PS1−/− and PS1+/− fibroblasts were prepared from whole embryos at embryonic day 15.5. Head and liver were discarded and the bodies were triturated in 5 ml of a 0.25% trypsin/PBS solution and incubated at 37°C for 15 min with continuous rotation. Tissue debris was allowed to settle at 4°C and supernatant with cells was transferred to a new tube. Fresh trypsin was added to the remaining tissue and the process was repeated a total of three times. Cells from all incubations were pooled, spun at 200 g, and resuspended in RPMI medium containing 10% FCS. Cells were plated onto 25-cm2 flasks and allowed to reach confluence (usually ~16 h). Cells from early passages (between two and five) were used in all experiments. To generate primary fibroblasts expressing wild-type PS1 or PS1 lacking amino acids 330–360 (PS1Δcat), early passage primary fibroblasts were infected with the corresponding retroviruses in the presence of 10 μg/ml polybrene for 8 h and allowed to grow to confluence without antibiotic selection. Cells were then trypsinized and used directly for the indicated experiments. Only cells passaged once after infection were used. Expression levels of both wild-type PS1 and PS1Δcat in PS1−/− cells were detected by Western blotting and were comparable with those in PS1+/− cells. Immortalized fibroblasts (used in Notch-1 transfections and transcriptional activation studies), and EcR293 cells inducibly expressing wild-type PS1 and PS1Δcat have been described (Kang et al. 1999; Soriano et al. 2001).
Cultured cells were lysed in 1% 3-[(3-cholamidopropyl) dimethylammonio]-2-hydroxy-1-propanesulfonate (CHAPS) buffer containing 50 mM Tris, 150 mM NaCl, 100 μg/ml amino ethyl benzenesulfonyl fluoride (AEBSF), and 10 μg/ml leupeptin on ice for 20 min. Lysates were precleared with normal rabbit serum and protein A agarose (for rabbit polyclonal antibodies) or with anti–mouse IgG agarose (for mouse monoclonal antibodies). Cleared lysates were then incubated with primary antibody and protein A agarose or anti–mouse IgG agarose for 3 h at 4°C as described (Kang et al. 1999). Immunoprecipitates were washed twice with CHAPS buffer, and proteins were separated on SDS-PAGE and transferred to nitrocellulose membranes. Coimmunoprecipitated proteins were detected by Western blotting as above.
Overnight cultures of embryonic fibroblasts from six-well tissue culture plates were incubated in methionine-free medium for 20 min, followed by metabolic labeling with 200 μCi/ml [35S]methionine for 20 min and chasing for the indicated periods. At each time point, cells were placed on ice and washed twice with ice-cold PBS. To release cytosolic proteins, cells were incubated twice for 10 min with 0.1% saponin buffer containing 25 mM Hepes and 75 mM potassium acetate. The two soluble fractions were pooled and β-catenin immunoprecipitated with a β-catenin monoclonal antibody. Immunoprecipitates were washed twice with buffer containing 50 mM Tris, 150 mM NaCl, and 1% NP-40 and proteins separated by standard SDS-PAGE. Dried gels were either exposed to film or quantitated by phosphorimaging (Bio-Rad Laboratories). All experiments were performed at least three times and results from either a representative experiment or averages ± SD are shown.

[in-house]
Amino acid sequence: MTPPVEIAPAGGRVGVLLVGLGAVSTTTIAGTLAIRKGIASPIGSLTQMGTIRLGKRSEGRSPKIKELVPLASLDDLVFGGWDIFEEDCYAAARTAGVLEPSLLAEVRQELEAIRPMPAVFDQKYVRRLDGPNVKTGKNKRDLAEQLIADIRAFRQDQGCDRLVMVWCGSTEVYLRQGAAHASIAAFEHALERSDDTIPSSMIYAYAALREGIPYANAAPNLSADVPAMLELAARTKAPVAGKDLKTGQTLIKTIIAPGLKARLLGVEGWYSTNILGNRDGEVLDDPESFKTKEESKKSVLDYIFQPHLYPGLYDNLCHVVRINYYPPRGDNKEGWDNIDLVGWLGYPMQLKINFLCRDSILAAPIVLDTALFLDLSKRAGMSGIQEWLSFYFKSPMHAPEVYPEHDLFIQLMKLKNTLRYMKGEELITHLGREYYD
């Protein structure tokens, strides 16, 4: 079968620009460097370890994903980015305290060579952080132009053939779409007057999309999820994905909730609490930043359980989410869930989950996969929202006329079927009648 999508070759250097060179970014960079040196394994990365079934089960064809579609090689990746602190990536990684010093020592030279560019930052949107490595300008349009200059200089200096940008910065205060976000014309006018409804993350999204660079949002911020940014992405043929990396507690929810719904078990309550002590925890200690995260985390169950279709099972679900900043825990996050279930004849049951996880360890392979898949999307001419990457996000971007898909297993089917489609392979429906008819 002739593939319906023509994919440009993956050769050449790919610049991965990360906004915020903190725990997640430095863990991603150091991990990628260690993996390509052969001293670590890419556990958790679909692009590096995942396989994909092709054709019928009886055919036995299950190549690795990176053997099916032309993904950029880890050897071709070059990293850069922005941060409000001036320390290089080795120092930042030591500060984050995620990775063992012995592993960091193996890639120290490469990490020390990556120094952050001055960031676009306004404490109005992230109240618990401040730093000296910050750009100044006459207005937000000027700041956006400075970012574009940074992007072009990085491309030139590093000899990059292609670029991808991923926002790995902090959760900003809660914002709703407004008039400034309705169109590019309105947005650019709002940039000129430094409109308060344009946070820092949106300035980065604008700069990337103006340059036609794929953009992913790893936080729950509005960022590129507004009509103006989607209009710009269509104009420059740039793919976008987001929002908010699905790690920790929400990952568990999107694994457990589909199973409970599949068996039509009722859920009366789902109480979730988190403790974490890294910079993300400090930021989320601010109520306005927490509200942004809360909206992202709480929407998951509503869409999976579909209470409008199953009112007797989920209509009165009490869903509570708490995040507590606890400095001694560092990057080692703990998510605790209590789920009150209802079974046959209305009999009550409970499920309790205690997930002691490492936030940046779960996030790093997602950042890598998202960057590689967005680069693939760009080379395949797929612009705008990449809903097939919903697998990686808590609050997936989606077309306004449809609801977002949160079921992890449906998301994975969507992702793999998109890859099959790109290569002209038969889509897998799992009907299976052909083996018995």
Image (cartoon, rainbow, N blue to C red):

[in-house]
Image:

Reporter gene assays in PS1−/− and +/− were performed with the Dual-luciferase reporter assay system (Promega) following the manufacturer's instructions after transfection with −163CD1 and −163ΔLefCD1 reporter constructs (Shtutman et al. 1999). 50 ng pRL-TK renilla luciferase were cotransfected in each sample as an internal control for transfection efficiency. Results are expressed as an average of three independent experiments performed in triplicate. In experiments with 293 cells, transient transfection of cyclin D1, cyclin A, and cyclin E promoter constructs was carried out with calcium phosphate precipitation for 6 h. 24 h later, luciferase activity was determined by comparison with that of an equal amount of empty vector (Albanese et al. 1999). Results are expressed as mean ± SEM of seven separate transfections.
Total RNA was extracted with Trizol (Life Technologies). Reverse Transcription (RT) PCR (25 ng total RNA/reaction) was performed using Superscript II RNase H−Reverse Transcriptase (Life Technologies) to synthesize first-strand cDNA and Taq DNA polymerase (Promega) for PCR reactions. Semi-quantitative PCR was carried out in which the number of cycles produced amplified products of β-catenin, cyclin, and actin cDNAs within a linear range. The optimized cycle profile for cyclin D1 was: 1 cycle, 94°C, 3 min; 24 cycles, 94°C, 1 h; 55°C, 45 min; 72°C, 1 h.